At the end of the day for me it's all about examining why you make webcomics...
If you do it for the joy of doing it - truly doing it for this reason - I doubt you'd be downcast over ads and hosting costs anyway.
If you're trying to get your comic self supporting and adblock is making so much of an impact that you cannot afford to, then you're doing something wrong already.

I don't have a "please don't block my ads!" on my site because I don't want to. My site costs me a whole 10 cents a day to run and I get so much enjoyment out of it.

However if it does upset you, perhaps it is worth the smarter members here compiling a webcomic white-list file for Adblock and offering that up on a site (that could be linked to with a little button or graphic rather than a large blog post)?
Do something about it if you don't like what's happening. Smile
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Spencey



Joined: 16 May 2008
Posts: 640
Location: Scotland

PostPosted: Tue Mar 15, 2011 8:53 am    Post subject: Reply with quote

When I surf the web at work, I have no choice but to view sites with adblocker on - my employer does this centrally and it would be a violaton of the Internet use policy for me to remove it. I'm sure there must be other people in the same position.

Personally, I don't care if somebody uses adblocker when viewing my own site. I appreciate each reader whether I am serving them an ad or not. The important thing to me is that I am sharing my work with another reader.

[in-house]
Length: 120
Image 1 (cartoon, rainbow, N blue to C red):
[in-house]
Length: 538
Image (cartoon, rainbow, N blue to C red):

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Wolfus



Joined: 06 Mar 2009
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PostPosted: Tue Mar 15, 2011 8:57 am    Post subject: Reply with quote

Zoe Robinson wrote:
Visiting one of my websites while using an ad-blocker is effectively telling me you like my stuff enough to look at it but you don't want me to make a living from it. That's not nice.
I don't think many people see it that way. Or even think that deeply about it.
Me? I just don't like ads the same way I don't like spam email. I figure it's something for people who can tolerate it being there.

Yeah, I know that the little squares of text or pictures on your (general 'your') website that have scarce little to do with the content or my interests are effectively me dropping a few coins in the tip jar on the way out.